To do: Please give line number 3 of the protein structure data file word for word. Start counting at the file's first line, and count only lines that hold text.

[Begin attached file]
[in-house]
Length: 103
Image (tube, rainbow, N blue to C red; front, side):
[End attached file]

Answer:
Image (tube, rainbow, N blue to C red; front, side):